The 2010 election campaign has exposed our corrupt electoral system as never before
Whatever the result of tomorrow’s election, one thing the campaign has demonstrated above all else is the endemic corruption of our voting system. What we have is a postcode lottery in which the power of your vote is overwhelmingly determined purely by where you live.
This has been made transparent in the 2010 campaign by the emergence of the Liberal Democrats as an effective third force. As many polls have indicated, by the end of tomorrow there is every possibility of the Liberal Democrats polling more than Labour and only a little short of the Conservatives but ending up a poor third in terms of seats. Whatever happens we can be sure that seats will be distributed entirely out of proportion to the overall votes cast.
If we look back at the 2005 general election, more than half of all voters voted against their winning MP and the same will happen tomorrow. As has been pointed out on countless occasions during this campaign, the only voters with any real power to choose the government are those who live in marginal constituencies.
But fewer than 20 per cent of constituencies are marginal. So we can be certain that around 60 per cent of seats, and probably many more, will not change hands tomorrow.
The overall consequence is that, if you don’t live in one of those marginals, you will have negligible influence the outcome of the election. This is why the system is so endemically corrupt.
If you want a statistical demonstration of this truth, you need go no further than an extraordinarily valuable website www.voterpower.org.uk which demonstrates that we simply do not have one person one vote in the UK. Deploying a statistical Voter Power Index analysis, produced by the New Economics Foundation, it shows that, in fact, the average person in the UK has 0.25 votes.
The New Economics Foundation has ranked all 650 parliamentary constituencies by the relative power of their voters, calculated on the basis of the probability of seats changing hands and their size. In some ultra safe constituencies the value of the vote falls to practically zero. The range starts at 1.308 for the most powerful, falling to 0.004 for the least powerful.
Good news for some Welsh voters is that they are amongst the powerful in the land. This is because we have some of the most marginal and smallest constituencies in the UK. In fact three Welsh constituencies are at the top of the league and another two are in the top ten in the Voter Power Index :
- Arfon is first out of all constituencies in the index. Here each elector has the equivalent of 1.308 votes, which is 5.17 times more voting power than the UK average.
- Ceredigion ranks second with each elector having the equivalent of 1.220 votes, that is 4.83 times more voting power than the UK average.
- Clwyd West come third with 1.217 – that’s 4.82 times more voting power.
- Preseli Pembrokeshire is sixth with 1.036 – 4.1 times more voting power.
- Aberconwy is ninth with 1.018 – 4.03 times more voting power.
By comparison Islwyn ranks at position number 642. A vote in Islwyn is worth just 0.004 of the UK average, which means that the average UK voter has 50 times more voting power than voters in Islwyn.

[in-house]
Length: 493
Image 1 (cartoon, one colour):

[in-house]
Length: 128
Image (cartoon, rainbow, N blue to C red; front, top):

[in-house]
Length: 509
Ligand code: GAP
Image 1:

This fundamental and universal inequality in the relative values of our votes spells out the unanswerable case for reforming the system. As the Voterpower website puts it, if we had proportional electoral system:
- We would no longer have safe seats.
- The power of votes would be much more equal.
- All areas of the UK would have equal power to decide the outcome of the election.
- Politicians would not be able to win an election by tailoring all their policies to a narrow section of the population.
Reflecting on the blatancy of the injustice in all of this, it strikes me as amazing how we’ve lived with it for so many decades. In some ways its equivalent to other injustices that were so built into the culture and the background scenery of society that they were taken as given. Its hard now to think that at one time, not so long ago, discrimination based on colour and race was considered ‘normal’ in many societies, not least our own. So, too, was discrimination based on gender and sexual orientation.
In all of these cases a point was reached when the mask slipped and nothing could be the same again, however long the actual change then took to put into effect (and in some cases is still taking). Whatever the outcome tomorrow the demand for electoral reform has entered the mainstream. The endemic injustice, and indeed corruption of the British voting system has been exposed as never before.
Labour calls for tactical voting, not least by Peter Hain, merely make the case for not having to resort to it at all, by having a system that renders it unnecessary. Labour’s eve-of-election and death-bed conversion to the alternative vote – which is not a proportional system – is now unsustainable.
Even if the Conservatives, the party most resistant to any change, were to secure a majority tomorrow, it will only be small and unlikely to last a full term. All-told another general election may be upon us sooner rather than later. And when it comes the demand for electoral reform will be an inescapable part of the debate. A Rubicon has been crossed.